Architecture is obvious. You know what buildings look like in part because they visually occupy the positive space in the built environment. As we often see in art, negative space can change our perception of an image, adding to its depth or importance. Because parks and open spaces are situated between and around buildings, especially in urban environments, the public perception of them is that they don’t play as important a role in creating value for communities. As we saw in yesterday’s post, these spaces contribute to a variety of performance metrics, but they also dramatically shape our experiences of the urban environments. Imagine the added stress of not being able to find the emergency room entrance because of poor wayfinding or circulation patterns.
Knowing that value, we need to create better urban parks and public spaces to fully gain the benefit of them. If you don’t create spaces that work for everyone, you’ll invariable create ones that don’t work for anyone. Too often, decisions about the design of public spaces are made to discourage the homeless, to avoid vandalism, or for ease of maintenance. What evolves from that decision making are uniform parks that aren’t engaging or living up to their potential.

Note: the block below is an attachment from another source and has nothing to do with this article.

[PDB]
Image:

Below, we’ve included a few examples of great public parks and plazas around the US, that engage people, reflect their context, and solve functional urban problems like stormwater management or respond to social justice issues. South Bend is on the right track with creating a more pedestrian friendly environment downtown and focusing on the resource of the river (with the River Lights and Riverfront Master Plan), but we lack the high impact spaces that these urban parks provide their respective cities. Buildings may be obvious, but access to them is limited. Parks and other public spaces are for everyone, communicating the values of their communities. It’s time to level up those spaces for South Bend.